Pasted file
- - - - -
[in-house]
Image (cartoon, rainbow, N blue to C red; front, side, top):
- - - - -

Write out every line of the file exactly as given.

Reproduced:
[in-house]
Image (cartoon, rainbow, N blue to C red; front, side, top):